The 2019 Women's World Cup kicks off in a few days, and learning the rules (what's offsides? Can a game end in a tie?) is only part of your job. With 24 teams and a host of talented players to watch, keeping up with the riveting on-field storylines won't be easy, but we enlisted some professional help so you can know exactly what to watch for in this year's tournament. And by professional, we mean professional — US Women's National Team (USWNT) legend Julie Foudy, who won the World Cup with the iconic 1999 team.
Julie doesn't just have playing experience — she's also a longtime ESPN analyst with over a decade of calling international matches for both men and women. Most recently, she helped produce and was featured in "Back Pass," an in-depth, hour-long podcast in ESPN's "30 For 30" series that details the rise and fall of the first women's soccer league in the US. Talking about soccer is Julie's job, so who better to give you the inside scoop on the storylines to follow in this year's Women's World Cup?
The USWNT Will Rely on Their Offence
First, let's go back to the last Women's World Cup, in 2015. The US team won that year, Julie told POPSUGAR, "based on a really good defencive team. They had Hope Solo in goal and a really good back line, and you could argue that they don't even get to the quarter-finals or the semis without their backline being completely awesome."
Four years later, Julie said, things are shaping up differently. The defence is still strong, but "they're a little bit leakier this time around and more vulnerable." Keep an eye on defenders including Kelley O'Hara, Ali Krieger, and Crystal Dunn, as well as the USWNT's three goalkeepers. Opposing teams will be looking for any opportunities to put them to the test.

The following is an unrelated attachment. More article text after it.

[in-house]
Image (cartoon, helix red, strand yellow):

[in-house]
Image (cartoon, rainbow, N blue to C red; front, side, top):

The positive trade-off of that potentially weaker defence: a strong set of forwards up front. "The front three are really confident, healthy, and playing well," Julie said. Those are the biggest stars of the team: Alex Morgan, Megan Rapinoe, and Tobin Heath. "They're the best in the world, those three," she told POPSUGAR. The USWNT is likely to rely heavily on their offence this year, and we may see a big departure from the one- or two-goal games of tournaments past. "There might be some high-scoring games this year," Julie predicted.
They're Taking on Highly Competitive Field
The US has won the Women's World Cup three times, the most of any country, but the competition has deepened every year. "There were teams that, in the past, you could say, 'Oh, that's an easy game,'" Julie recalled. "Now, there are so many more that are good, competitive, and could beat the United States." In January, for example, the USWNT took on Spain's national team for their final game in Europe ahead of the World Cup. They won — barely. "Spain looked excellent," Julie said. "The US didn't touch the ball for the first 30 minutes."
It's enough to make the average USWNT fan more than a little nervous — but you can't say it's not a little exciting, too. "I think this is going to be the most competitive World Cup we've ever seen," Julie told POPSUGAR.
The top-ranked US team is determined to defend their crown, but it's not going to be easy. In their last major global tournament, the 2016 Olympics, the team didn't make it past the quarter-finals. And then there's the fact that only one country has ever won back-to-back Women's World Cups — and it wasn't the US. (It was Germany, in 2003 and 2007.) All of which amounts to a lot of pressure, intensity, and excitement surrounding the upcoming tournament. Strap in, and get ready for a wild ride.